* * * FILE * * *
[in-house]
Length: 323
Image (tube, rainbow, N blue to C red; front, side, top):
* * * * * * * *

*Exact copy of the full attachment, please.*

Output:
[in-house]
Length: 323
Image (tube, rainbow, N blue to C red; front, side, top):